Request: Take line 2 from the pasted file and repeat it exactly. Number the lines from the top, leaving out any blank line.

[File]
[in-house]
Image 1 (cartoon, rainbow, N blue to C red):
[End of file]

Image 1 (cartoon, rainbow, N blue to C red):